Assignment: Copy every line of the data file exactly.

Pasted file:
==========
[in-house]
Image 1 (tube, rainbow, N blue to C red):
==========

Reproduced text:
[in-house]
Image 1 (tube, rainbow, N blue to C red):